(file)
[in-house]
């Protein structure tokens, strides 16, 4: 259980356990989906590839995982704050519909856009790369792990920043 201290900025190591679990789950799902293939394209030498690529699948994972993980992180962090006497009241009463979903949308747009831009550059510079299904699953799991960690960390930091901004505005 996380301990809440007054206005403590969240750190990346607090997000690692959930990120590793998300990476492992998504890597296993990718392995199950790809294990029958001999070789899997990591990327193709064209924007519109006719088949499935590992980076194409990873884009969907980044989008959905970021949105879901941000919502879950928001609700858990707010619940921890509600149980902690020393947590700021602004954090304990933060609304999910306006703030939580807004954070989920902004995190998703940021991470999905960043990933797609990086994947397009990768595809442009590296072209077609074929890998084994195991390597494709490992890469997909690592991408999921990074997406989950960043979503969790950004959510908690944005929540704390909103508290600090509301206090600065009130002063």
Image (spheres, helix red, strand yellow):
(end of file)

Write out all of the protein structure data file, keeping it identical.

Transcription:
[in-house]
């Protein structure tokens, strides 16, 4: 259980356990989906590839995982704050519909856009790369792990920043 201290900025190591679990789950799902293939394209030498690529699948994972993980992180962090006497009241009463979903949308747009831009550059510079299904699953799991960690960390930091901004505005 996380301990809440007054206005403590969240750190990346607090997000690692959930990120590793998300990476492992998504890597296993990718392995199950790809294990029958001999070789899997990591990327193709064209924007519109006719088949499935590992980076194409990873884009969907980044989008959905970021949105879901941000919502879950928001609700858990707010619940921890509600149980902690020393947590700021602004954090304990933060609304999910306006703030939580807004954070989920902004995190998703940021991470999905960043990933797609990086994947397009990768595809442009590296072209077609074929890998084994195991390597494709490992890469997909690592991408999921990074997406989950960043979503969790950004959510908690944005929540704390909103508290600090509301206090600065009130002063």
Image (spheres, helix red, strand yellow):